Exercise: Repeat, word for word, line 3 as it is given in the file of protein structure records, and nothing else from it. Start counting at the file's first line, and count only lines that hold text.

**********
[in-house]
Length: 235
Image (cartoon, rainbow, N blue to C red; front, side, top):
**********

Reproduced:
Image (cartoon, rainbow, N blue to C red; front, side, top):